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Old 05-11-2012, 07:43 PM
 
4,077 posts, read 2,550,759 times
Reputation: 1742
Quote:
Originally Posted by escilade18 View Post
Freeze thaw cycle, and the state being surrounded three sides by the great lakes doesn't help the cause. Also, come to Western PA if you want to see atrocious roads (there are some potholes that can be several feet deep)

Wow, the Pennsylvania Turnpike has hefty tolls and that road is in poor condition. I guess you don't get what you pay for.
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Old 05-11-2012, 09:09 PM
 
Location: Tennessee
21,529 posts, read 16,166,998 times
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It's the weather and what snow and ice and what they put on it to treat the ice/snow does to roads. I used to live in NY and MD and now I live in TN. The towns I lived in in those states were smaller population wise and area wise than where I live now. I couldn't believe how bad the roads were when I was back on the eastern end of Long Island for a visit in 2009. I kept thinking they pay so much more taxes there. Why are their roads so awful compared to the roads here in Tennessee? We also get hardly any snow here in Tennessee. I suspect it's the reason why Southern California roads are so much better than Michigan's.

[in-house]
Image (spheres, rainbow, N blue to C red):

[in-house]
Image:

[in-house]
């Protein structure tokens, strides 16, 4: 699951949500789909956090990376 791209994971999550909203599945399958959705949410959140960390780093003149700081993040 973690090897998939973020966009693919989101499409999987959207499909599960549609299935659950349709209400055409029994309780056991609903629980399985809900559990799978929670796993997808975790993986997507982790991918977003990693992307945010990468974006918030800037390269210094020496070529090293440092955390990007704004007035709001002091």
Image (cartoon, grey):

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Old 05-11-2012, 10:29 PM
 
391 posts, read 322,103 times
Reputation: 570
Quote:
Originally Posted by ram2 View Post
Engler raised the state gas tax.
And spent lots of it on other stuff. He did the exact same thing with boating fee money, which is why there's now voter approved protection to looting boating money for other purposes. Other funds don't have such protection.
I know this because I was working on a multi=-million dollar improvement project for my township, and all of a sudden ALL the money, not tax money by the way, disappeared into the State budget. Over 10 years later, MI boaters and facilities are still trying to catch up. Same for road money.
Those boating funds now have constitutional protection.
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Old 05-12-2012, 07:30 AM